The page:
Can you achieve the unique look of wet plate photography in a digital photo? The short answer, of course, is yes. But the real question should probably be, how close does it look to the real thing? We find out in this interesting quick comparison video.
Last year, Paris-based Mathieu Stern did a collaboration with Austrian photographer Markus Hofstaetter, who some of you may already be familiar with for his crazy awesome wet plate photography projects. The two decided to take on an experiment to compare the results of a “digital collodion” with the real thing. They share with us their findings in the quick video below:
To make sure that they can compare their results in the best way possible, Hofstaetter shot the same model in both digital and wet plate at almost the same pose. The digital version went to Stern for post-processing. While we don’t get to see how the “digital collodion” was edited, the point of the video was get Hofstaetter’s comments on how it compares to the wet plate shot.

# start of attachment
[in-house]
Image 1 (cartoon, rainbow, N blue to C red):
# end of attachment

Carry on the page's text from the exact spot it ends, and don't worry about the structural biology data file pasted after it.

Our wet plate photographer dove straight away to say that Stern’s result is not that far away. There’s a slight color difference due to the white balance, but we’ve also seen that some wet collodion photos can also be more sepia-toned. One key difference that both photographers noticed and pointed out is that blemishes like freckles and lines, and even the texture of the hands are more prominent in wet collodion photos. This incredible amount of detail remains exceptional considering that it’s an early photography technology. The wet collodion also has a shallower depth of field, something that isn’t easy to reproduce in digital.
The conclusion? Hofstaetter thought Stern did a great job. But of course, nothing compares to the real thing, and even Stern can attest to that as he himself had his own wet plate portraits taken prior to this video. Probably what got him the idea of collaborating with Hofstaetter in the first place!